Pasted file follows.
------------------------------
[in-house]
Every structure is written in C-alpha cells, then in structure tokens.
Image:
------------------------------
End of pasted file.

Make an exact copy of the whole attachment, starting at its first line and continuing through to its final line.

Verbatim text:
[in-house]
Every structure is written in C-alpha cells, then in structure tokens.
Image: